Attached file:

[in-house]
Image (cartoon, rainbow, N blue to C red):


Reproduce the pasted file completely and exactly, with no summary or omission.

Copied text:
[in-house]
Image (cartoon, rainbow, N blue to C red):